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Fundraisers More Committed to Causes Than Organizations?

(June 18, 2007) Fundraisers might be more committed to the causes their organizations serve than the organizations themselves, according to new research sponsored by the AFP Foundation for Philanthropy.

The Revolving Door: A Study on the Voluntary Turnover (Intent to Stay) of Fundraisers in the Nonprofit Sector examined how long fundraisers are staying at their current position and their primary reasons for leaving. The research was conducted by Aleah Horstman, Ph.D., director of major and planned gifts for Planned Parenthood of the Rocky Mountains in Denver.

The average length of service for the participants in the study was 3.6 years. Females averaged 3.50 years, while males averaged 4.17 years. These averages are similar to figures see in other recent studies about length of fundraiser service.

While much has been made about the short amount of time fundraisers spend at their particular jobs, a 2002 study (Employees: Recruitment, Retention and Loyalty, Drizin) found that among all the sectors (nonprofit, for-profit and government), the average employee stays in his or her job 3.4 years. However, as the study notes, problems with frequent fundraiser turnover can be more acute than other professions given the donor-fundraiser relationship and the amount of contributions that could be lost as new fundraisers are trained and brought up to speed.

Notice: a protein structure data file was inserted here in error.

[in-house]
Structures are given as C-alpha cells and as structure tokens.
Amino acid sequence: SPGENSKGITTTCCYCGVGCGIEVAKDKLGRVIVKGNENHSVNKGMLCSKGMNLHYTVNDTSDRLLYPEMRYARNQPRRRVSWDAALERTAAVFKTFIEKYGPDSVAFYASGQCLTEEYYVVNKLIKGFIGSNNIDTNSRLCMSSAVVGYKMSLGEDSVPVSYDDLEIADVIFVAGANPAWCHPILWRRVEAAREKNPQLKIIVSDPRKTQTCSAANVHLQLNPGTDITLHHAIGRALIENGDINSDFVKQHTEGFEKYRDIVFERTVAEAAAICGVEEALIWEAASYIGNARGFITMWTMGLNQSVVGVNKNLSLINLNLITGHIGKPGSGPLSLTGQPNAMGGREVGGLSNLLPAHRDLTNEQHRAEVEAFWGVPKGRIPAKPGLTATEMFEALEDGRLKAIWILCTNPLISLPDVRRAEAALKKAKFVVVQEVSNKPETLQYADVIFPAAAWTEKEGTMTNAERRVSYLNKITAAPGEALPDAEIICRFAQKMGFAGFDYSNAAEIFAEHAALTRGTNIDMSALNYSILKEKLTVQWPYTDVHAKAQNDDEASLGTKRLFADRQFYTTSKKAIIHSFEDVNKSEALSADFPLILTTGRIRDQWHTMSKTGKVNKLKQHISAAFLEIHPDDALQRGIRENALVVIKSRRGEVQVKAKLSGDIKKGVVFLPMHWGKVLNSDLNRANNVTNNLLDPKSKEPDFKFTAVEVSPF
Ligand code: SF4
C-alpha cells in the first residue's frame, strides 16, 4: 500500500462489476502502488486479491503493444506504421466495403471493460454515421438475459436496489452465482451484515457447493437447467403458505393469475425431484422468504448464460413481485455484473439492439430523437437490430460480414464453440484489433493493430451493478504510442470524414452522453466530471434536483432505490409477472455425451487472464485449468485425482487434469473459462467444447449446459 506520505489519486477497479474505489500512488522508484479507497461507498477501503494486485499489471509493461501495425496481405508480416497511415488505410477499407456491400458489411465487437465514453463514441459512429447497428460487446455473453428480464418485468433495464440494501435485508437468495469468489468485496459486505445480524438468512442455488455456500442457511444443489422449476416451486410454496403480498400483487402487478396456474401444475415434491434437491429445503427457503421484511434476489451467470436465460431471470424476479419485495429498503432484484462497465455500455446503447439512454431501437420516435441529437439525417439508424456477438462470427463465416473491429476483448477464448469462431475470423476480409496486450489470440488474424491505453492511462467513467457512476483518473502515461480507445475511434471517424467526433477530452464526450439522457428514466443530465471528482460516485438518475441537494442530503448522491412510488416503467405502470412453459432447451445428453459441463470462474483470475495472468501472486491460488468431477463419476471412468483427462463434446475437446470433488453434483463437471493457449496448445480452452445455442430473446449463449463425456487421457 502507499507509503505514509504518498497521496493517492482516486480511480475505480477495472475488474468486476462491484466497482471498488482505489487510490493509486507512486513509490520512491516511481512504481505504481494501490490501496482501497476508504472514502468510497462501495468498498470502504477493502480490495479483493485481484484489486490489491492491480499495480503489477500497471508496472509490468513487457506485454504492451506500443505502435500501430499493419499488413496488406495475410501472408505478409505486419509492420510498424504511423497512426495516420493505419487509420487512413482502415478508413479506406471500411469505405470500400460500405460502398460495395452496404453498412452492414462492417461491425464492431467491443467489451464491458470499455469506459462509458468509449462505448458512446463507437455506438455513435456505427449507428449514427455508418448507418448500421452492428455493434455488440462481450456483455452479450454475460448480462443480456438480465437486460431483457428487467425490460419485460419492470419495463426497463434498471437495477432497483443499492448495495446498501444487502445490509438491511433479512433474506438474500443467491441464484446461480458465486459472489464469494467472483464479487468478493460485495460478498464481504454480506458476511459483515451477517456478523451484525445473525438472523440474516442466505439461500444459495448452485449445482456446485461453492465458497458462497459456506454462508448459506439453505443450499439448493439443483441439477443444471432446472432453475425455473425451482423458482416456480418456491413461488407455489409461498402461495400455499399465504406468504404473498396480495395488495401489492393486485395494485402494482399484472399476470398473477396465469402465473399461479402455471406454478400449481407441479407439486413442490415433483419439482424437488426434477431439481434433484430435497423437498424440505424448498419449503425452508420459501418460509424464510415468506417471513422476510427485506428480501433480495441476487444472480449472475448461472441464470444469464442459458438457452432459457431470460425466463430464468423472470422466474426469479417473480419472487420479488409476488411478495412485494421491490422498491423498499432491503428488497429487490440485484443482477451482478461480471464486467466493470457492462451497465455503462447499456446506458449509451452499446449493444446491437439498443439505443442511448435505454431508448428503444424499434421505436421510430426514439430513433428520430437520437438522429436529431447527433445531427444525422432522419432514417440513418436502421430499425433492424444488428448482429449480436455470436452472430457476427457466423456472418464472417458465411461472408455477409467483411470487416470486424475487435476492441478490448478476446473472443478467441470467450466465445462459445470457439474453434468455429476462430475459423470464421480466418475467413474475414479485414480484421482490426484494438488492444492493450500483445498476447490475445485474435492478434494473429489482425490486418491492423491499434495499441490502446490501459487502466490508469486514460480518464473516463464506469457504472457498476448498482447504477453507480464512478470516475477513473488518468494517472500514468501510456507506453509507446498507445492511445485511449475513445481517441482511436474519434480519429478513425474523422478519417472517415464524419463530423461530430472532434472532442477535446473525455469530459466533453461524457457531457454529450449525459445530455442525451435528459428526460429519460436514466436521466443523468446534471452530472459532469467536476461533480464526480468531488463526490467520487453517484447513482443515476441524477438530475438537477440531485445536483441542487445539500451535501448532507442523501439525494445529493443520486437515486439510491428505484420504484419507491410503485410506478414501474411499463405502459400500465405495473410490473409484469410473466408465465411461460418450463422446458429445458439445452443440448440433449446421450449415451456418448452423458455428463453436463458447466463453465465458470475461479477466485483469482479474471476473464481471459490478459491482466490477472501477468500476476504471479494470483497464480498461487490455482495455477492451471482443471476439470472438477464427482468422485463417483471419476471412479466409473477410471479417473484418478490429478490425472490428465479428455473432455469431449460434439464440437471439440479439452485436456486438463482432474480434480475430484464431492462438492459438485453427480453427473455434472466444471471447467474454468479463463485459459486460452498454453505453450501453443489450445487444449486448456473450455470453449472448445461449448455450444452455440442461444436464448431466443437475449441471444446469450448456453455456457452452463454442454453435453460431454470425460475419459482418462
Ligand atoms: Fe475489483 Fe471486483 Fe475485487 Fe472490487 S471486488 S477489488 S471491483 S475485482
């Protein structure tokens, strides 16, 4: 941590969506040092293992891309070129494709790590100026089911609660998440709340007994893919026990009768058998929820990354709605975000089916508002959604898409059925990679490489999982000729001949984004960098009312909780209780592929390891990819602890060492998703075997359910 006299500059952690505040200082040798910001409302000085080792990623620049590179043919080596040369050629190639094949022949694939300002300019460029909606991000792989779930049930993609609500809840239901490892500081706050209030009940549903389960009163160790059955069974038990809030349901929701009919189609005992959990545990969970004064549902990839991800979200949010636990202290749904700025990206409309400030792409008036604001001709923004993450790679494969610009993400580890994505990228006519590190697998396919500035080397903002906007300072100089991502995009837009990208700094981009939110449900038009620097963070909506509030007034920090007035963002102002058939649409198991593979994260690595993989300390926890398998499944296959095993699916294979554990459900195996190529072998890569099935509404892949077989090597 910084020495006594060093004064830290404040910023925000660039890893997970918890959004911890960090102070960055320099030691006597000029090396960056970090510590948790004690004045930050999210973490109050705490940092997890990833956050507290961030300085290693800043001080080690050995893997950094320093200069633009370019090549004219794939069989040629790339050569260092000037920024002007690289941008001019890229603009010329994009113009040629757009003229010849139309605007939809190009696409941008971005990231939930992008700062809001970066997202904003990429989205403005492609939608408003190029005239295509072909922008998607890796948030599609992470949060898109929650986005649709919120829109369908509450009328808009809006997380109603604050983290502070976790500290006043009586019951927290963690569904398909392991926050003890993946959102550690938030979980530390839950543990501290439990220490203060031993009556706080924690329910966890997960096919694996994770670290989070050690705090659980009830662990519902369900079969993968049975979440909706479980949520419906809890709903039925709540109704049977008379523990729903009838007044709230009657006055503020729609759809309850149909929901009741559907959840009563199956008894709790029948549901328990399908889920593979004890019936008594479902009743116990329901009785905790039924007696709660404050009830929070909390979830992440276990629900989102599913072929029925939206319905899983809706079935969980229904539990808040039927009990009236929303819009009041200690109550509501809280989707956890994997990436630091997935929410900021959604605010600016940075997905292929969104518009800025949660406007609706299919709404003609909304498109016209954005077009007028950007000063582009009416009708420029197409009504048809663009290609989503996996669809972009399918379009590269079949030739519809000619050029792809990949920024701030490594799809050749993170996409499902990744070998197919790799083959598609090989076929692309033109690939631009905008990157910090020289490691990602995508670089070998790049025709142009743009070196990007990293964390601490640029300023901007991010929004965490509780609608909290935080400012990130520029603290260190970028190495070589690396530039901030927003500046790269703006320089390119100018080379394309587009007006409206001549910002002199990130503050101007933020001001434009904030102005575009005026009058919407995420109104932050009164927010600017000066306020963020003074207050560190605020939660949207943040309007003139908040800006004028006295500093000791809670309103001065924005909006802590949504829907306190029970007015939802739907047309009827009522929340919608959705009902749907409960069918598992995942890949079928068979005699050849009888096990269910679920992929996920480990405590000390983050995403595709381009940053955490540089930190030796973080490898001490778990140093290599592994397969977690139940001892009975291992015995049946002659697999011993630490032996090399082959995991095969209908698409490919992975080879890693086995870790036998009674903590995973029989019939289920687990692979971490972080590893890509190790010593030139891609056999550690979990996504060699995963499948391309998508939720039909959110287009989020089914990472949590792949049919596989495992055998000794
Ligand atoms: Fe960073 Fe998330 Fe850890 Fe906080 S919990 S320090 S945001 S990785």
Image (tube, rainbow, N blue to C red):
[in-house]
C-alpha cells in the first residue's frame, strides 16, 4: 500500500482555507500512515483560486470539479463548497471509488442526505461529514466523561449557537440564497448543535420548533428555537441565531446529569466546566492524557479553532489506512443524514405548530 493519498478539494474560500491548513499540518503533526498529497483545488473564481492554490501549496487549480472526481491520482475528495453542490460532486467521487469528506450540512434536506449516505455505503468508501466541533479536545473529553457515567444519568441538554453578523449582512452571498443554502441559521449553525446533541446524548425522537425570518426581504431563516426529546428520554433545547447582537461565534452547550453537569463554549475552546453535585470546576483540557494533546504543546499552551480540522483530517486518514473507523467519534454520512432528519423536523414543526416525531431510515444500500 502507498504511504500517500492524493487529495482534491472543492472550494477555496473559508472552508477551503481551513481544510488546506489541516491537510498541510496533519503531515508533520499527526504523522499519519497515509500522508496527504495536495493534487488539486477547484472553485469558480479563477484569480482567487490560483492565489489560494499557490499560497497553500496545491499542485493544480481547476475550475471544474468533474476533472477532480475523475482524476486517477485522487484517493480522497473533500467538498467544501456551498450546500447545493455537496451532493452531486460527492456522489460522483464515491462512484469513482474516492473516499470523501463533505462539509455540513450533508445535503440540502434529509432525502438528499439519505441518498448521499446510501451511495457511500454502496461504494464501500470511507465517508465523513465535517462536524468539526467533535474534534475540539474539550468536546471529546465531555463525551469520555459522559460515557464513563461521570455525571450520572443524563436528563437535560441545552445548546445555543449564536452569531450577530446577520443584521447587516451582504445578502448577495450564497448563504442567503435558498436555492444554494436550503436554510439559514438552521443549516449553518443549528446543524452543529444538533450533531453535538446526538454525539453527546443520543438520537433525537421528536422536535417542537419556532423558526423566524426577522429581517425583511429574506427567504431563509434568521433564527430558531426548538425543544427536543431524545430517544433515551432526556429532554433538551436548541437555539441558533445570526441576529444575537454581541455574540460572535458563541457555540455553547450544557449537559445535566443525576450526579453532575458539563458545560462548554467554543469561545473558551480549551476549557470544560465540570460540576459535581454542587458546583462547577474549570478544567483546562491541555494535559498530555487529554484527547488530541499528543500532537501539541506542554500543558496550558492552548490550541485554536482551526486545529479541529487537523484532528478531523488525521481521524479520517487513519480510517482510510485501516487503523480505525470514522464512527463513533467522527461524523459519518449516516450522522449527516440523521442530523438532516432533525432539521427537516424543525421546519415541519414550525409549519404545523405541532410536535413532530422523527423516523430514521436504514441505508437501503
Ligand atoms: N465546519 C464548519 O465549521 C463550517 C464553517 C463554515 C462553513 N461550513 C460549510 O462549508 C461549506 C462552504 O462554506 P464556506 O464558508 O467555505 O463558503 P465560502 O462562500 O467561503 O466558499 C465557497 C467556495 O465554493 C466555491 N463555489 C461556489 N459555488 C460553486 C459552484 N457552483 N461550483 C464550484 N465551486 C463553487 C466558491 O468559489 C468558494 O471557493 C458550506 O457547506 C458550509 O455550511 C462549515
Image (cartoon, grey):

Staying or Going

The survey found seven key variables that can help predict fundraisers’ intent to stay at their current jobs:

  1. Job satisfaction
  2. Commitment to mission
  3. Distributive justice, equity (i.e., rewards and promotions are perceived as equal for all employees)
  4. Promotional chances
  5. Job involvement
  6. Support of supervisor
  7. Search behavior

While a fundraiser’s commitment to the mission of his or her current organization was very important, organizational commitment was not found to be a significant factor. This result is quite different from traditional job turnover models used in the for-profit sector by human resources and organizational management scholars. Horstman calls for additional research in this area, but conjectures that organizational commitment may be different in nonprofits than in for-profits, or simply that a fundraiser’s loyalty to a cause displaces the typical loyalty a worker might have for his or her organization.

Another area where fundraising behavior was different than the norm was in search behavior—how much job-searching activity a fundraiser undertakes before taking a new position. Most job turnover models do not give search behavior a significant role, but it was a major factor in the study. The result suggests that finding new fundraising jobs remains quite easy for most fundraisers, and that when the timing is right, job-searching activity typically leads to a new position. Horstman points out that with the Internet, finding new fundraising jobs is much easier than in the past, especially with organizations such as AFP and its chapters offering online job banks that are accessible anytime.

Keeping Fundraisers Happy

The research has a number of important practical applications that charities can use right away to help ensure that their fundraising employees remain satisfied at their current positions.